Nature Materials, is a peer-reviewed scientific journal published by Nature Publishing Group. It was launched in September 2002. Vincent Dusastre is the launching and current chief editor. The impact factor for Nature Materials in 2010 is 29.897, according to the Journal Citation Reports. Nature Materials is focused on all topics within the combined disciplines of materials science and engineering. Topics published in the journal are presented from the view of the impact that materials research has on other scientific disciplines such as (for example) physics, chemistry, and biology. Coverage in this journal encompasses fundamental research and applications from synthesis to processing, and from structure to composition. Coverage also includes basic research and applications of properties and performance of materials. Materials are specifically described as "substances in the condensed states (liquid, solid, colloidal)", and which are "designed or manipulated for technological ends."

Nature Publishing Group
Impact factor
29.920 (2010)

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Transforming sulphur dioxide from harmful to useful

Scientists have created molecular cages within a polymer to trap harmful sulphur dioxide pollution in order to transform it into useful compounds and reduce waste and emissions.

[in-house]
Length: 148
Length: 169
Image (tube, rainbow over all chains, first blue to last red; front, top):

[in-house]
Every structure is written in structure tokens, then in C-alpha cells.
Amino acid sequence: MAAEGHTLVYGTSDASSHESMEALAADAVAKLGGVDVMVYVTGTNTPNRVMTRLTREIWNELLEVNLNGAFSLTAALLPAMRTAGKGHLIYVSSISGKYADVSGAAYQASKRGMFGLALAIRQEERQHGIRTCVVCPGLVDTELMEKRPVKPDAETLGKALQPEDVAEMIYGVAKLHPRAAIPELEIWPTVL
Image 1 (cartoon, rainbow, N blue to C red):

How to control friction in topological insulators

Topological insulators are innovative materials that conduct electricity on the surface, but act as insulators on the inside. Physicists at the University of Basel and the Istanbul Technical University have begun investigating ...

A new mathematical approach to understanding zeolites

Zeolites are a class of natural or manufactured minerals with a sponge-like structure, riddled with tiny pores that make them useful as catalysts or ultrafine filters. But of the millions of zeolite compositions that are ...

Inventing the world's strongest silver

A team of scientists has made the strongest silver ever—42 percent stronger than the previous world record. But that's not the important point.

Solar cells with new interfaces

Scientists from NUST MISIS (Russia) and University of Rome Tor Vergata found out that a microscopic quantity of two-dimensional titanium carbide called MXene significantly improves collection of electrical charges in a perovskite ...

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